Days after LBN reported rising footfall in Liverpool city centre, new figures show hotel occupancy is almost at pre-pandemic levels. Tony McDonough reports
More than 250,000 hotel rooms were booked in Liverpool city centre in January and February with figures in the latter month almost close to pre-pandemic levels.
Figures collected by Liverpool City Council show there were 139,194 rooms booked, an occupancy rate of 73.3%. In February 2020, just before the COVID-19 pandemic hit, there were 148,461 rooms booked – an occupancy rate of 74.8%.
In February 2021, as the UK was battling another big COVID wave, February room bookings plummeted to 54,074 – an occupancy of just 24.8%. The data comes just days after the Liverpool BID Company revealed city centre footfall in the week beginning March 7 had exceeded 2019 levels for the first time since the pandemic.
Bill Addy, chief executive of Liverpool BID Company, said: “The pandemic is not over, and we know that footfall data doesn’t necessarily translate into economic spending, but this is a positive sign.”
Prior to the pandemic Liverpool with the region’s visitor economy was estimated to be worth around £5bn a year. However, in February city region economic agency Growth Platform predicted the tourism sector would not fully recover until 2025.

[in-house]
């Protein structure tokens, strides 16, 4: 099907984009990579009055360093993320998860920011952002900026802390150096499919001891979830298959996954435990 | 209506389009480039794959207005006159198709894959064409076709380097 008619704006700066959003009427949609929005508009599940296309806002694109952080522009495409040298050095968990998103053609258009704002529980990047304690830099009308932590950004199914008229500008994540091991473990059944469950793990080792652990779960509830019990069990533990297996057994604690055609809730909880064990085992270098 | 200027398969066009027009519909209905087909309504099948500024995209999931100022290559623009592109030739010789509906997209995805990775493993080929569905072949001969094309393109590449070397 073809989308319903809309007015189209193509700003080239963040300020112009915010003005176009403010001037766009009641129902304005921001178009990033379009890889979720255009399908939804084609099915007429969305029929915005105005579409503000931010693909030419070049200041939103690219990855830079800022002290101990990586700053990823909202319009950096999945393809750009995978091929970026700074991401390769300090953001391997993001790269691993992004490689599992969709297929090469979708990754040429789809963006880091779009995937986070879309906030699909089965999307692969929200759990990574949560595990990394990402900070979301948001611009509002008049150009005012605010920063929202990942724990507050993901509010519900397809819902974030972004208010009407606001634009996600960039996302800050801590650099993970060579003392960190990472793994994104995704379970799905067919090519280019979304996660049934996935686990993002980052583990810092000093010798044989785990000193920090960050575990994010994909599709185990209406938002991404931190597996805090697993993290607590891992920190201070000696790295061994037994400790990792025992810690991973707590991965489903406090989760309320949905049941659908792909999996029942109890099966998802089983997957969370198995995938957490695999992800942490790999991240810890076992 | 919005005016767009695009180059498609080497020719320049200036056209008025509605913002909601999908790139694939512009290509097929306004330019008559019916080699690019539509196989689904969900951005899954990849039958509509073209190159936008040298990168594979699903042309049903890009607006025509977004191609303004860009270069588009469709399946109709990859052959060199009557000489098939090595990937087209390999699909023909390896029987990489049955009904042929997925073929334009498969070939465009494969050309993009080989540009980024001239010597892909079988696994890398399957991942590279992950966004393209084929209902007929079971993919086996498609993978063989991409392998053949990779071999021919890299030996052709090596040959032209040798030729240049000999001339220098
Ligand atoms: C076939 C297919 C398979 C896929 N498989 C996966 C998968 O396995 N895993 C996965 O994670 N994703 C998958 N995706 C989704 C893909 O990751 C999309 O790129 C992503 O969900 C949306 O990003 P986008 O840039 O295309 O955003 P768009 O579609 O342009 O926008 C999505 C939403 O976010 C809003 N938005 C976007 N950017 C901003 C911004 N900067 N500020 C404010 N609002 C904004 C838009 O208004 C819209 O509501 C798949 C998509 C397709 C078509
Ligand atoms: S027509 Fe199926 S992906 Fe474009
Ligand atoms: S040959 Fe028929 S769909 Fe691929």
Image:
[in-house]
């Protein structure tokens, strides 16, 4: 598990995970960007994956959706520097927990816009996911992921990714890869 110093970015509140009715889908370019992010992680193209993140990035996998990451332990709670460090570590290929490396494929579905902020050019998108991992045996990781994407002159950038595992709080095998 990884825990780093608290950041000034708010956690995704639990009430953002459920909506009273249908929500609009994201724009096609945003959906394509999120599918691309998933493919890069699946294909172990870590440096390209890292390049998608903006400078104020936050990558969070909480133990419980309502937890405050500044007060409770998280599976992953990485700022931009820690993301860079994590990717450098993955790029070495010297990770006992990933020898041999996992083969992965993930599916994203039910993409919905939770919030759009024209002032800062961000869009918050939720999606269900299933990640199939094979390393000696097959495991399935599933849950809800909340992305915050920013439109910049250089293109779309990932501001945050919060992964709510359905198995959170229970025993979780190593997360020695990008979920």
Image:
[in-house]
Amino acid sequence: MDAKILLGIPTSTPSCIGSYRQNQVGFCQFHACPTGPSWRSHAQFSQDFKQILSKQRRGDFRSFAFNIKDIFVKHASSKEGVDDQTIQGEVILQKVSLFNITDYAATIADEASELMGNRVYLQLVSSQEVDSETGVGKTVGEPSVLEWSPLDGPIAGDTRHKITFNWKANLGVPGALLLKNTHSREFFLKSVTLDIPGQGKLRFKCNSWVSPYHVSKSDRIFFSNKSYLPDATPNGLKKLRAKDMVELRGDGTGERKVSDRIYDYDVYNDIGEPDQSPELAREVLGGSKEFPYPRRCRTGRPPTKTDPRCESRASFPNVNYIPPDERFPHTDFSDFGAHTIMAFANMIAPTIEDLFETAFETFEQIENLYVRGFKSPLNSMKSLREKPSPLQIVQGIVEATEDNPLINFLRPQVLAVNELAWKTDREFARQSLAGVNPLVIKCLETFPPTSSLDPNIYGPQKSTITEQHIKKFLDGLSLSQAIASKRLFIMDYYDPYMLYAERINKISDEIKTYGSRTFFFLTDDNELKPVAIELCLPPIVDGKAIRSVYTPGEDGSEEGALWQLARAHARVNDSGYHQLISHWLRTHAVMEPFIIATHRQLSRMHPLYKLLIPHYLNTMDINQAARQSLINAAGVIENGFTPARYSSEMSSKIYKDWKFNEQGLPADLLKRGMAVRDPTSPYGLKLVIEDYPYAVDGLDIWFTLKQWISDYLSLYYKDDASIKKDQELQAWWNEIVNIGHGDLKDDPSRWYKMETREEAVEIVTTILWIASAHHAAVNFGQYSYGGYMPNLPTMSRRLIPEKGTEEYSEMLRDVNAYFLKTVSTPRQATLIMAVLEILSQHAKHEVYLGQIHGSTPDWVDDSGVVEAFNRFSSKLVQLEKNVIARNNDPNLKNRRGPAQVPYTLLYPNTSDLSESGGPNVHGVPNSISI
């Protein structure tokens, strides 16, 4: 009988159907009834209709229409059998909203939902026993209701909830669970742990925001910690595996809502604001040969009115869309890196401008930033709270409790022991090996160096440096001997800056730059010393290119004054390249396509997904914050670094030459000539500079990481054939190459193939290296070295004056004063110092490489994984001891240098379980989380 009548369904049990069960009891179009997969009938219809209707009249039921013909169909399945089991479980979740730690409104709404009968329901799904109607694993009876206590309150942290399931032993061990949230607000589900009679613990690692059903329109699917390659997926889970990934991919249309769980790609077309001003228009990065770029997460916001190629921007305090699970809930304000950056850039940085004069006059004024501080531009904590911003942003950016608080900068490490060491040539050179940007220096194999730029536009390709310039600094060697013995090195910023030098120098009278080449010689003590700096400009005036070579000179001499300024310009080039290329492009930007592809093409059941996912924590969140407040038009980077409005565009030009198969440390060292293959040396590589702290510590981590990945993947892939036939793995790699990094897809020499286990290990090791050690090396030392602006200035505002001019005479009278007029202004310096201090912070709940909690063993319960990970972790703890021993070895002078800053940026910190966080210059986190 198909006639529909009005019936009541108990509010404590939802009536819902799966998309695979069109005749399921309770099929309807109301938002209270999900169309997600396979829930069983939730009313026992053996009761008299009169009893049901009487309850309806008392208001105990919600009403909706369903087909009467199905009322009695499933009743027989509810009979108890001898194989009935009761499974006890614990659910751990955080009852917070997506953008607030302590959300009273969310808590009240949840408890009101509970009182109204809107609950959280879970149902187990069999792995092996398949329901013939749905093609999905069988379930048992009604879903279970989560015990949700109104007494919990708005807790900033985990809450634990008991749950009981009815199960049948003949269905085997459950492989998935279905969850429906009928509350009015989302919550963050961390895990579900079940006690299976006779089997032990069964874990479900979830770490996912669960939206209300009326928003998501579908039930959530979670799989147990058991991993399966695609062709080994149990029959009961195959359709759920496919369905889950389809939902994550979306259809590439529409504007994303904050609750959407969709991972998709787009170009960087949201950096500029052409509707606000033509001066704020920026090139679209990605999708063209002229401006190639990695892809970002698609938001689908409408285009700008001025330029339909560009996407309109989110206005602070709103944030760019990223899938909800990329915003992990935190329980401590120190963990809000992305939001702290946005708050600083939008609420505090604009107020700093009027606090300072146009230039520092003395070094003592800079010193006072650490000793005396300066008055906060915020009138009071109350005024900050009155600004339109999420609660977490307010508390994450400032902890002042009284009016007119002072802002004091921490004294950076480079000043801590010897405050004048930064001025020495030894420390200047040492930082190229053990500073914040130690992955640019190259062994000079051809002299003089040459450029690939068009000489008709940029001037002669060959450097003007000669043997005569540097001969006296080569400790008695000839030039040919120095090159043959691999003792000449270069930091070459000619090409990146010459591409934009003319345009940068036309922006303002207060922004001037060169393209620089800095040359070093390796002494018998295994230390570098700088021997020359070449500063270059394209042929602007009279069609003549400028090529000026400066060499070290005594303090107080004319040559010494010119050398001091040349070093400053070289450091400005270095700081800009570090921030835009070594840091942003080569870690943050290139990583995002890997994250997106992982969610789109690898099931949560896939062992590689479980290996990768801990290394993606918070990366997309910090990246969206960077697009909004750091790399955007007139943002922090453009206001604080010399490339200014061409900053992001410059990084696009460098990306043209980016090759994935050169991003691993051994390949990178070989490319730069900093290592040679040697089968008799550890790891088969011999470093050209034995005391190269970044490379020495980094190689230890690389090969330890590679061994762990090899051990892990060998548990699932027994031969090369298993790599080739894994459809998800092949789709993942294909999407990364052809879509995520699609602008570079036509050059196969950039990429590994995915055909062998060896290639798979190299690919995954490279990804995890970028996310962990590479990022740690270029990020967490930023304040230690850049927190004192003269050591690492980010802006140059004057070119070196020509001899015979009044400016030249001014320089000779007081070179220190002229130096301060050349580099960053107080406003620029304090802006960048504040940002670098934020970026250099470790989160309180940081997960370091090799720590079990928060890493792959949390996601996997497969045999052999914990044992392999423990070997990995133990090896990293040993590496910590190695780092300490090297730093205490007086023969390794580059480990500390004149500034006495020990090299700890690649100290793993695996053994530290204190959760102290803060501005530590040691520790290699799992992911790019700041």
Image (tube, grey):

Up until 2020, the tourism sector supported more than 55,000 jobs across Liverpool, Wirral, Sefton, Knowsley, St Helens and Halton. In 2019 Liverpool was the fifth most visited city in the UK by international visitors.
According to the Growth Platform report, in 2020 alone income for the city region visitor economy’s 7,840 businesses plummeted by 58%. By way of support, the Combined Authority is injecting £3.1m over two years using Strategic Investment Funding and private sector funding to help rebuild the conference and events sector.
In January it was announced that Liverpool Cruise Terminal will welcome more than 100 cruise calls in 2022, providing an estimated £15m boost to the city with tens of thousands of cruise passengers and crew spending money in the city centre.
With confidence high following Liverpool’s handling of the return of cruising last spring, more operators are turning to the city to make bookings. Inaugural visits are expected from 10 ships including Valiant Lady, Celebrity Apex and Norwegian Dawn.
However, progress on a new, permanent cruise line facility remains in doubt, with changes to the economics of the cruise industry prompting a rethink. In February, Chris Shirling-Rooke, chief executive of industry body Mersey Maritime, said it is “critical” a new terminal is built.